Development, adoption, and management of drought-tolerant corn in the United States.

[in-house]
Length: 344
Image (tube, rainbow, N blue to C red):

Drought, a recurring source of crop yield losses and crop failure, often prompts Federal natural disaster and crop insurance payments to U.S. farmers. Few ways exist to substantially reduce yield losses due to drought, although a new tool has recently become available. Drought tolerance produced using conventional breeding methods was first commercially introduced in U.S. corn hybrids in 2011. Genetically engineered (GE) drought tolerance was introduced in hybrids in 2012 but did not become broadly available until 2013. However, the vast majority of drought-tolerant (DT) corn planted in 2016 had one or more GE traits (e.g., herbicide tolerance and/or insect resistance). By 2016, 22 percent of total U.S. planted corn acreage was drought tolerant. Adoption is more concentrated in drought-prone regions of the United States, despite the hybrids' limited abilities to protect against extreme-or-worse droughts. Significant DT corn acreage is also located in non-drought-prone regions and the broader Corn Belt. This report documents the development, adoption, and management of DT corn in the United States, emphasizing the roles of recent and frequent exposure to drought; moisture-conservation practices; GE seed traits and pricing; and irrigation.